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What does your thyroid do?

Feb 16, 2014 | 2 min read
Thyroid Gland

Approximately 1 in 20 people has some kind of thyroid disorder, which may be temporary or permanent.

Your thyroid is a gland and is located in your throat just below your larynx - it is indicated as an orange glow on the illustration opposite.

What does the thyroid gland do?

The following two hormones are secreted directly into the bloodstream by the thyroid gland:

  1. Thyroxine - this hormone contains four atoms of iodine and is referred to as T4.
  2. Triiodothyronine - this hormone contains three atoms of iodine and is referred to as T3.

Your body converts T4 into T3 in your cells and tissues.  It is the T3 hormone (either made from the T4 or secreted directly from the thyroid gland) which is biologically active and influences the activity of cells and tissues of your body. 

The two hormones regulate the speed at which your body cells work

Thyroxine and Triiodothyronnine regulate the speed with which your body cells work i.e. influence your metabolism. This is how it happens:

  1. The thyroid secretes the T3 and T4 hormones
  2. The hormones get into your blood stream and are transported around they body
  3. While travelling around they communicate to every one of your cells if it needs to be consuming more or less oxygen and nutrients.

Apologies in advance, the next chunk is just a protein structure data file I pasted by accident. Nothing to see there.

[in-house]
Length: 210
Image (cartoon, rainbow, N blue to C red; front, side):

The amount of hormones produced by the thyroid is very important as too much or too little can cause significant health issues and be debilitating to the sufferer. The two conditions and their symptoms are described below:

Under-active thyroid (Hypothyroidism)

An under-active thyroid is diagnosed when not enough Thyroxine is produced for the body’s needs. As a result cells and organs of your body slow down. Typical symptoms of an under-active thyroid condition include:

  • Feeling cold
  • Weight gain
  • Poor concentration
  • Tiredness
  • Depression
  • Slow heart rate
  • Sluggish intestines (constipation)

Overactive thyroid (Hyperthyroidism)

An overactive thyroid is diagnosed when too much Thyroxine is produced for the body’s needs. As a result the body cells work faster than normal. Typical symptoms of an overactive thyroid include:

  • Heat intolerance
  • Weight loss
  • Anxiety
  • Sore eyes
  • Fast heart rate
  • Increased intestine activity (diarrhoea)

Thyroid conditions are treatable so if you feel you exhibit the symptom patterns above you should consult your doctor who can run tests for a proper diagnosis.

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1 Comment

Feb 4, 2016
Would be niceto find out what vitamins could help the underactive or overactive person with a thyroid condition
Replied to on: Feb 8, 2016
That's a good point - we'll look to include some information to that effect in another article, or maybe even as a future update to this article. Certainly you could consider a Kelp supplement, as Kelp is rich in Iodine, which is essential for healthy thyroid function. You can find Kelp on the Just Vitamins site here:
Thanks for posting!
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